When teams are "well trained" - but unprepared!!
This is an edited version of an academic paper presented in Singapore winning "Best Paper" at the 30th ISERD conference.
As a teacher, I underwent a high level of training, but nothing quite prepared me for using those skills in the classroom - where, with the best will in the world, managing, educating and supporting 30+ other human beings was going to take a LOT of practice.
Teacher training, like nursing allows for "in situ" experience. This makes a lot of sense because while many things are great in theory, it is in the practice itself that you learn and develop the most - and decide if that pathway is for you after all. So why doesn't all training include an experiential component?
Experiential learning is one of the most pure and basic forms of learning, and when used within training it develops creative thinking, self-confidence, and self-reflection. Practice of skills in a safe environment enables delegates to reflect on their performance and understand that they have a) been through it once before should they face it again, and b) experience to draw from. This will enable greater confidence when performing the skill at a later date.
While, time, finances - but arguably also a lack of creativity from providers - may be a limitation, the more experience along with reflection one can have, the more prepared one will be.
Well trained but unprepared
Many staff members feel “well trained but unprepared” (Kress-Schull, 2000) often because their training has been largely classroom/powerpoint driven. The same is true of other professions - and certainly within the business environment.
But when one hasn't, well, experienced, it can be difficult to innovate. In school, learning has historically been passive, the teacher speaks, the pupils listen. With the introduction of more interactivity, many teachers chose to stick to what they knew rather than embrace new skills, and now, the changes in the curriculum and focus on targets means that even those who engaged in experiential learning can no longer do as much because of the amount of material learners need to take in, and the amount of testing that needs to be done.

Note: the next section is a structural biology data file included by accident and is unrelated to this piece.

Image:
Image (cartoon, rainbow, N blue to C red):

“I have A-level students who cannot do a practical Science experiment because we’ve not had the chance to teach them – we have to just lecture at them in order to get the information in so they can be tested…again!” (Head of Biology)
Although research keeps impressing that active or experiential learning is the best method not only for understanding the material, but also for holistic education. Unfortunately, the same research also revealed that although this was known “theoretically”, few trainers and teachers of the samples studied were comfortable engaging with it beyond an icebreaker or a flipchart activity, which in turn did not engage the learners.
This leaves us with a “Catch 22” situation. People who use experiential techniques might be doing it wrong, which is putting both teachers and learners off using them. When it is done well, the evidence is also significant.
Smith et al ran a programme for Kent Constabulary where actors played the role of the public and staff were videoed and able to reflect on their performance, and airlines and hospitals are now introducing this sort of dynamic methodology. I myself am known specifically for my "Table top escape", "Leadership Aerobics" and scenario work with actors (ie - so THEY do the acting, and you don't feel like it's GCSE drama...I know...I've taught GCSE drama!)
However what can an organisation do if they fear this style of training due to the expense of bringing in an outside specialist or because they are uncomfortable delivering in this way?
Try the following to include a level of interaction in sessions (especially as we return to face to face training):
1. Create Curiosity
The engaging learning environment is as important for the training room as it is a classroom. Bright pictures, or even blank flip charts on the walls, a question already put up, training toys on the desk and music can all contribute to stimulating learner curiosity. Even online, I have specific song choices as delegates enter the meeting.